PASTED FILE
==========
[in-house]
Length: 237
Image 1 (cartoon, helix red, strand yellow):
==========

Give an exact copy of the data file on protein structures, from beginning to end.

[in-house]
Length: 237
Image 1 (cartoon, helix red, strand yellow):